If all teams are fully equipped, then how can teams differentiate? In today’s business world, where information and analytics have also become more of a need than a differentiator, we are starting to see companies gain advantage through design. They are doing so not just through the design of their products, but also through the application of the concepts of design to their entire business process—a method that Tim Brown, CEO of the revolutionary design firm IDEO—has called “design thinking”. Consequently, the mantra in business schools has begun to change. Instead of preaching resource-minded ideas such as return on investment, shareholder value, and “measure to manage,” business schools are beginning to also teach more design-minded ideas such as customer focus, empathy, collaboration, and diversity.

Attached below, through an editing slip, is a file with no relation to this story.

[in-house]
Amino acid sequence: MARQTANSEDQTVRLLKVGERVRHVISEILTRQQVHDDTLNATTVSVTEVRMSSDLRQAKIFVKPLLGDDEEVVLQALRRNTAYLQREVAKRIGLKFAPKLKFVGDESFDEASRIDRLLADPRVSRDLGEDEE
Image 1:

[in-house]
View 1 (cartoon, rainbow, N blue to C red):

Whether baseball teams are actively using design thinking or subconsciously using best practices from design concepts, we are starting to see obvious and not so obvious examples in today’s game. It is not unreasonable to hypothesize that the teams that are most effectively using design thinking are the ones that are best able to differentiate themselves in baseball’s post-information asymmetry world.
Design thinking, according to Harvard Business Review, is "a method of meeting people's needs and desires in a technologically feasible and strategically viable way." Baseball teams have several core needs and desires, but they mainly want their employees to perform as well as possible in order to win as much possible in order to make the most profits possible. Obviously, in order to do so, teams want their players to play as well as possible, but they too also want their scouts to evaluate and find talent as well as possible, their coaches to teach and manage as well as possible, and their front office to make decisions as well as possible.